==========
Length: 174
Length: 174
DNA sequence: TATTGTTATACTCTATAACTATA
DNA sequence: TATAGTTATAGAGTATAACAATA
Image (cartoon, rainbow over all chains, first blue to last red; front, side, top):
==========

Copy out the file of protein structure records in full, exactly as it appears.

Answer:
Length: 174
Length: 174
DNA sequence: TATTGTTATACTCTATAACTATA
DNA sequence: TATAGTTATAGAGTATAACAATA
Image (cartoon, rainbow over all chains, first blue to last red; front, side, top):